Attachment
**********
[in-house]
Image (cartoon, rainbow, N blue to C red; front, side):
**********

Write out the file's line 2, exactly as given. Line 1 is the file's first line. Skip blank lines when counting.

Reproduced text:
Image (cartoon, rainbow, N blue to C red; front, side):